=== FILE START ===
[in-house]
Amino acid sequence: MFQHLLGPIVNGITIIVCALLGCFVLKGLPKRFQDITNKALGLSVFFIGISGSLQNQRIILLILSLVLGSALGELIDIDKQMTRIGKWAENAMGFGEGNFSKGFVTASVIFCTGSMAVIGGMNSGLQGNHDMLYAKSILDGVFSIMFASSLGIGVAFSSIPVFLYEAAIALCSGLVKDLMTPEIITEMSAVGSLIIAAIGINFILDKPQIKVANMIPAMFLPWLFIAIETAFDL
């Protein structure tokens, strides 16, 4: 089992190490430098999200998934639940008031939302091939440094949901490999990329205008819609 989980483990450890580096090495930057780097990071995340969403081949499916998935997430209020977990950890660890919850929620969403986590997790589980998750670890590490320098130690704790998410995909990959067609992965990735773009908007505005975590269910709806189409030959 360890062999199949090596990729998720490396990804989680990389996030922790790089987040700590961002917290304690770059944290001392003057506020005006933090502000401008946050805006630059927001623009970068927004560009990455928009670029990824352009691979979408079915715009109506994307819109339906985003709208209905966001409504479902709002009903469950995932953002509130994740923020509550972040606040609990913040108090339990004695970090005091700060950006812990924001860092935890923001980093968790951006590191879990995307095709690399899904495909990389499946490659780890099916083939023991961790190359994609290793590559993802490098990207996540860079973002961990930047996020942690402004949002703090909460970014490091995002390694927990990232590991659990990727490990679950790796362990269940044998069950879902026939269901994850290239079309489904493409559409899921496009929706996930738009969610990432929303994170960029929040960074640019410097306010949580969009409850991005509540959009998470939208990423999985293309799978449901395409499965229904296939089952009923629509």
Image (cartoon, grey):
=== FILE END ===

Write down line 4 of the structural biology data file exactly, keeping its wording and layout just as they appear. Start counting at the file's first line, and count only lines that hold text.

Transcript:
Image (cartoon, grey):